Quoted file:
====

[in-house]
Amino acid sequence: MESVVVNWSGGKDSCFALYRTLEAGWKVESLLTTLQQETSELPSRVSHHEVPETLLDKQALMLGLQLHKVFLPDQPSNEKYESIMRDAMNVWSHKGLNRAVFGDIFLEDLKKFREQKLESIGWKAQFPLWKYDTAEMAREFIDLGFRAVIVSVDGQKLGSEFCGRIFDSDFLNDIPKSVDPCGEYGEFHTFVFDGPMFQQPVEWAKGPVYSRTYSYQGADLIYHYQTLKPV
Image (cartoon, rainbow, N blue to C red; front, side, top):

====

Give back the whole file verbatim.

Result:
[in-house]
Amino acid sequence: MESVVVNWSGGKDSCFALYRTLEAGWKVESLLTTLQQETSELPSRVSHHEVPETLLDKQALMLGLQLHKVFLPDQPSNEKYESIMRDAMNVWSHKGLNRAVFGDIFLEDLKKFREQKLESIGWKAQFPLWKYDTAEMAREFIDLGFRAVIVSVDGQKLGSEFCGRIFDSDFLNDIPKSVDPCGEYGEFHTFVFDGPMFQQPVEWAKGPVYSRTYSYQGADLIYHYQTLKPV
Image (cartoon, rainbow, N blue to C red; front, side, top):